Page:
3. Chaos Engineering: In order to harden ourselves against errors, we should create a little chaos in our infrastructure.

Guidelines

General

  1. Any changes to the cluster infrastructure and configuration must be done via Merge Requests.
  2. Any changes related to the Platform (deployments, autoscaling, ingress...) for both development and production must be done via Merge Requests.
  3. To learn how to test and apply infrastructure via Terraform, visit the Terraform Guidelines.

Components

Our cluster implements:

  1. AWS EKS Terraform module for declaring the cluster as code using Terraform.
  2. AWS Load Balancer Controller for automatically initializing AWS load balancers when declaring ingress resources.
  3. AWS Kubernetes Autoscaler for automatically scaling the cluster size based on resource assignation.
  4. ExternalDNS for automatically setting DNS records when declaring ingress resources.
  5. Kubernetes Metrics Server for automatically scaling deployments like production Platform based on application load (CPU, Memory, custom metrics).
  6. New Relic for monitoring both production Platform and general infrastructure.

Debugging

Connect to cluster

In order to connect to the Kubernetes Cluster, you must:

  1. Login as an Integrates developer using this guide.
  2. Install kubectl and aws-cli with nix-env -i awscli kubectl.
  3. Select cluster by running aws eks update-kubeconfig --name common-k8s --region us-east-1.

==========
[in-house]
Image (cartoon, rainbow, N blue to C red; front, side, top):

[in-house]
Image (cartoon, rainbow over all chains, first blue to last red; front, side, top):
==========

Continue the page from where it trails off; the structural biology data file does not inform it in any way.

4. Run kubectl get node.

Your input should be similar to this:

$ kubectl get node
NAME STATUS ROLES AGE VERSION
ip-192-168-5-112.ec2.internal Ready <none> 58d v1.17.9-eks-4c6976
ip-192-168-5-144.ec2.internal Ready <none> 39d v1.17.11-eks-cfdc40
ip-192-168-5-170.ec2.internal Ready <none> 20d v1.17.11-eks-cfdc40
ip-192-168-5-35.ec2.internal Ready <none> 30d v1.17.11-eks-cfdc40
ip-192-168-5-51.ec2.internal Ready <none> 30d v1.17.11-eks-cfdc40
ip-192-168-6-109.ec2.internal Ready <none> 30d v1.17.11-eks-cfdc40
ip-192-168-6-127.ec2.internal Ready <none> 18d v1.17.11-eks-cfdc40
ip-192-168-6-135.ec2.internal Ready <none> 31d v1.17.11-eks-cfdc40
ip-192-168-6-151.ec2.internal Ready <none> 30d v1.17.11-eks-cfdc40
ip-192-168-6-221.ec2.internal Ready <none> 13d v1.17.11-eks-cfdc40
ip-192-168-7-151.ec2.internal Ready <none> 30d v1.17.11-eks-cfdc40
ip-192-168-7-161.ec2.internal Ready <none> 33d v1.17.11-eks-cfdc40
ip-192-168-7-214.ec2.internal Ready <none> 61d v1.17.9-eks-4c6976
ip-192-168-7-48.ec2.internal Ready <none> 30d v1.17.11-eks-cfdc40
ip-192-168-7-54.ec2.internal Ready <none> 39d v1.17.11-eks-cfdc40

Common commands

Most commands have the following syntax: kubectl <action> <resource> -n <namespace>

  • Common actions are: get, describe, logs, exec and edit.
  • Common resources are: pod, node, deployment, ingress, hpa.
  • Common namespaces are: development, production and kube-system. Additionally, the -A flag executes <action> for all namespaces.

Some basic examples are:

CommandExampleDescription
kubectl get pod -AN/AGet all running pods
kubectl get node -AN/AGet all cluster nodes
kubectl get deployment -AN/AGet all cluster deployments
kubectl get hpa -AN/AGet all autoscaling policies
kubectl get namespaceN/AGet all cluster namespaces

Some more complex examples are:

CommandExampleDescription
kubectl describe pod -n <namespace> <pod>kubectl describe pod -n development app-dsalazaratfluid-7c485cf565-w9gwgDescribe pod configurations
kubectl logs -n <namespace> <pod> -c <container>kubectl logs -n development app-dsalazaratfluid-7c485cf565-w9gwg -c appGet container logs from a pod
kubectl exec -it -n <namespace> <pod> -c <container> -- <command>kubectl exec -it -n development app-dsalazaratfluid-7c485cf565-w9gwg -c app -- bashAccess a container within pod
kubectl edit deployment -n <namespace> <deployment>kubectl edit deployment -n development integrates-dsalazaratfluidEdit a specific deployment